As I travelled up the narrow escalator, I could almost feel the hard tug of the canvas backpack on my shoulder. Everything felt the same as the floor came into view, although new carpet stretched far ahead. I walked towards the next set of escalators and noticed the card catalog area now housed a writing centre, something we definitely didn’t have back in the day.
Once we picked a table on the third floor, I took off to peruse the stacks for old time’s sake. The smell of old books and the light scuffing sound my boots made on the thin rug took me back to twenty-one. The books were organized differently but as my hand trailed over the spines it was like nothing had changed.
Yet everything had. I had to remind myself that these memories were twenty-five years old. I was now married, a mother of two, and a depression survivor. My body was a far cry to what it was back then, a dancer of seventeen years. My achievements in the world outside my home were small and insignificant, not something I would have predicted back then.
Was it any wonder I would begin to write? It took me long enough. And in truth, it’s only because of life’s hard knocks I feel compelled to express myself now. My love for this place, any library or bookstore really, may have been a precursor to this unseen curve in the road.
I wonder if it’s a prerequisite for writers to love libraries? I’m pretty sure I could bet my life on it. But I don’t think the reason we love books has anything at all to do with words. As I moved through the shelves, I realized holding a book gave a satisfaction all on its own and there was a unique contentment whenever I shut a book’s cover in completion.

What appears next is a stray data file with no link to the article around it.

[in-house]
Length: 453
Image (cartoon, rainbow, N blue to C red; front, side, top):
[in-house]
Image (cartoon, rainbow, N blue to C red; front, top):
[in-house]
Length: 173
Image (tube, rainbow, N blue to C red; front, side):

I also think the reason writers love libraries has more to do with the ideas, the places, the descriptions and knowledge, than for the sheer love for words. We crave new thought, new ideas, and novel approaches to life. We want to travel to different places, visualize different scenery, and hear new voices. In short, we want intellectual expansion. So the larger the library, the more exploring we get to do and it’s this potential for more that attracts us so strongly.
As I returned to the table where my daughter, and future York University graduate sat, I wondered if all the twists and turns in my life took place so I would begin to write. And maybe, just maybe, my love of libraries had been set from the beginning to get me here.
Bev McLeish has an undergraduate degree in Psychology and English. Her first book, It’s Not Safe to be Happy is available on Amazon, Kindle, Apple iBooks and Barnes & Noble. Bev is continuing to expand her reach through speaking and writing and can be reached at @bevmcleishwrites on Instagram or Facebook.